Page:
There are things everyone should know about Derrick Favors, the player — more than any other — seen as the key to the Jazz’s promising future. He’s been here a year, but it seems nobody knows anything about the young cornerstone, other than that he’s immensely talented and he doesn’t get enough time on the floor. Well … here are 10 more things:
1. He badly wants the extra minutes he’s not getting.
This was particularly frustrating for him at the beginning of the season, after he pronounced that he could be a 20-10 guy — if he got the time. But rarely have those major minutes been given him by Tyrone Corbin. The second-year forward is averaging 21 minutes a game, enough for 8.7 points and 6.5 rebounds. In eight April games, he’s gotten 25 minutes, scoring 9.6 points and hauling 9.4 boards.
The ceiling is much higher than that.
"At the beginning, because I have so much pride and confidence in my game, I was like, ‘I’m playing good, I should be playing more,’ " he says. "I didn’t say nothing to anybody, but that’s the way I was feeling. I had to deal with it."
Favors is still dealing with it, although his time, as mentioned, is slowly increasing.
"I know my opportunity’s going to come," he says. "Everywhere I go, people tell me, ‘You should be playing 30 minutes.’ I tell them my situation — I’ve got to wait my turn. I’m playing behind two guys who could have been All-Stars this year. It’s not like they’re bums or something. I’ve got to learn, work hard, be patient."
Says Corbin: "I’m trying to teach him how he can learn from watching and then go use his talents on the floor. He’s growing quite a bit — understanding how quick he is, how strong he is, how athletic he is, and how he can use all that against opponents."
2. Favors has a fierce temper.
Some people mistakenly think, on account of the 20-year-old appearing quiet and withdrawn, that he is a big cat, lacking the fire necessary to compete at the highest level.
He calls BS on that, saying he is quiet around people he does not know, but he becomes much more animated in familiar environments. "I don’t just come out and say two words and that be it," he says. "I crack jokes, do this and that. I might not be the most talkative person, but I’m not quiet."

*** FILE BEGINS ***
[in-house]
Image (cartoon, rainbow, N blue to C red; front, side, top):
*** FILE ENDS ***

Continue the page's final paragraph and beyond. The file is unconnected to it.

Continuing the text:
On the court, Favors says he’s about being strong, not timid:
"When I dunk or block a shot, I’m not going to be banging my chest and screaming, and all that. After a dunk, I run back and get on defense. The fire is there. … I’m not a showboating person. If you’re showboating, you’re weak. You don’t need to showboat. Just go out there and do the job. I just want to do my job and win games.
"People don’t know it, but I really have a quick temper. And my mom doesn’t like that. When I get mad, I can’t control myself. My grandma used to say, ‘You need to smile more, don’t look so mean.’ The slightest thing would make me mad. That’s why I talk to myself, to calm myself down. The fire is there."
3. Favors grew up on the cruel streets of Atlanta.
From an early age, basketball came naturally to him, and he looked like he would have some kind of future in the game. That potential, along with the firm guidance of his mother, Deandra, put him on a safer path toward success and avoiding the traps of the difficult environs around him.
"It was a tough neighborhood," he says. "My mom didn’t want me to get in trouble. She had a belt. She whipped me. She set me straight. She did a good job of that." As time went by, he says he developed something within that has served him well: "common sense."
The young Favors never knew his father.Next Page >
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